There was a large audience for this event, but even if you missed it, do come to next Wednesday's final session about Earl Long, Wednesday, March 31, at 5 pm, Broadmoor Library.
Thursday, March 25, 2010
Last evening at the Broadmoor Library, Dr. Gary Joiner discussed the "Great Flood of 1927" and how it changed the politics of Louisiana. He referred to John Barry's "Rising Tide", one of the 10 best books he ever read. I'm about half through the book and do find the history and the cast of characters involved in the taming of the Mississippi River absorbing. New info to me, given by Dr. Joiner last pm, were that this flood led to the Dust Bowl, to the elevation of Herbert Hoover as a national figure, and to the election of Huey Long. Joiner's descriptions of the high water in Shreveport, in Mansfield were site specific and astounding.
Monday, March 15, 2010
Saturday, Mar. 13, Bonnie, Ira and I accompanied our Seabrook family to Moody Gardens in Galveston for a cheer competition. We were amazed at the hordes of people, probably parents and relatives, attending, the skill of the competitiors, the passion of the audience and the ear shattering noise level. We all wore team shirts in support of grand daughter Kate's UC Phantoms. Until recently, I didn't know that cheerleading was now a "sport". I found it interesting, but wonder about the participants' safety and the beauty pageant aspect that creeps in. It was a fun adventure.
Thursday, March 11, 2010
Dr. Joiner's lecture re slavery kept the audience spellbound. He began the session by talking about the divine right of kings, mercantilism and its connection to slavery.
We'd all read all or part of Solomon Northrup's "Twelve Years a Slave" and felt that it was a great book. Dr. Joiner noted that it was published by Wm. Garrison, the famed Abolitionist, was a best seller for 4 years until Uncle Tom's Cabin was published, and that though Solomon Northrup was shanghied in Washington D.C., he was fortunate to have experienced his slavery in LA rather than any other state. LA had the Code Noire that spelled out somewhat more humane treatment for slaves and that from documents of the period, we know that those enslaved in LA fared better than those in Harrison County, TX, etal.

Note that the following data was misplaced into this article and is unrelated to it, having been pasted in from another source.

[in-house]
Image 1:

When I learned that Maspero's in New Orleans was originally a slave pen, I remembered the very different slave pen I visited in Zanzibar. Whereas Maspero's room is above ground, has huge beams and good headroom, the one in Zanzibar was below ground level, had just 2 tiny windows, a low ceiling that made me feel constrained as I walked in and I very swiftly left the oppressive place.
The above video contains the first 2-3 minutes of Dr. Joiner's lecture. Next Wednesday at 5 pm, Dr. Joiner will be speaking about the Civil War. The book we're reading is "The Civil War Memories of Capt. Wm. J. Seymour: Reminiscences of a LA Tiger". Hope you join the group.
Thursday, March 4, 2010
Last evening at the Broadmoor Library, Dr. Gary Joiner delivered Lecture 2 in the "Perspectives on the Pelican State" series. We'd been assigned to read several chapters in Brasseaux, "The Founding of New Arcadia", and I found the information re Acadian Settlement patterns interesting. Dr. Joiner first defined Creole and Cajun, then explained how both groups came to Louisiana, their land settlement preferences and why. Though his explanation of the different land measurement systems employed by the English, the French and the Spanish, was more than I really wanted to know, I found the rest of his lecture worth my full attention.
These sessions are free to the public and will continue at 5pm, each Wednesday through Mar. 31, at the Broadmoor Library. This video provides a glimpse of Dr. Joiner's talk.